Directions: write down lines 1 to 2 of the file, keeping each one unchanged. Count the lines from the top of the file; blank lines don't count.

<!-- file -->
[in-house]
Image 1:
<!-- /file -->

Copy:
[in-house]
Image 1: